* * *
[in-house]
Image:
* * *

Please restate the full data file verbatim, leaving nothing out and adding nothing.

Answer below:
[in-house]
Image: